The worms molt before becoming adults, two molts occuring before they hatch from the eggs. Most all adult structures except certain reproductive parts are found in the young just after hatching. As adults, the worms will not molt, but can grow in size.
Angiostrongylus cantonensis has a complex life cycle that involves intermediate, paratenic, and definitive hosts as well as several larval stages before becoming an adult. Adults are found in the right ventricles of hearts and the pulmonary arteries. The females release their eggs in these arteries. They are carried to the lungs, and within the capillaries here they embryonate. The thin-shelled egg breaks open and the first larval stage hatches. The larvae break through the alveoli and move up the trachea, where they wait to be swallowed and then expelled in the feces.
The intermediate host starts eating the fecal matter, also ingesting the parasitic larvae. There is some development in the intermediate host, but not to sexual maturity. The larvae develop into the 3rd stage in the molluscan muscle tissue. A parantenic host such as a frog or fish may eat the intermediate host, where the larvae survive in their muscle but no development occurs. The larvae enters the definitive host either by ingestion of the intermediate host, ingestion of paratenic host, or ingestion of material that contains the slimy path that a slug or snail leaves behind. Larvae may escape the intermediate host and be present on that trail.
Once inside the intestine of the definitive host, the larvae go through obligatory migration through the central nervous system via bloodstream to the brain and spinal cord. They leave the capillaries and start wandering randomly through the tissues. At the same time, they reach the fifth stage larvae. When the larvae reach the surface of the brain or spinal cord, they penetrate the veins to reenter the circulatory system. The larvae end up at the pulmonary arteries where they mature into adults in about six weeks. However, some larvae wander to other places in the body and mature there. Common places are in the central nervous system, the meninges, and the eyes. (Barnes, 1987; Brusca and Brusca, 2003; Prociv, et al., 2000)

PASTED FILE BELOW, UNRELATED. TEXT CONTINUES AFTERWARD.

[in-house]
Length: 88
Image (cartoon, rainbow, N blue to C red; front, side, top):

Females may produce a pheromone to attract males. The male coils around a female with his curved area over the female genital pore. The gubernaculum, made of cuticle tissue, guides spicules which extend through the cloaca and anus. Males use spicules to hold the females during copulation. Nematode sperm are amoeboid-like and lack flagella. (Barnes, 1987; Brusca and Brusca, 2003)
Lifespan and growth to the next parasitic larval stage depends on what host is infected. In paratenic hosts, the larval may not develop to the next stage. (Janovy and Roberts, 2000)
Nematodes such as Angiostrongylus cationensis are able to swim intermittently. The worms are usually only able to move effectively when the pseudocoel is filled with fluid and hypertonic to the surrounding media. (Barnes, 1987; Brusca and Brusca, 2003)
Nematodes in general have papillae, setae and amphids, which are the main sense organs. Setae detect motion (mechanoreceptors), while amphids detect chemicals (chemoreceptors). (Barnes, 1987; Brusca and Brusca, 2003)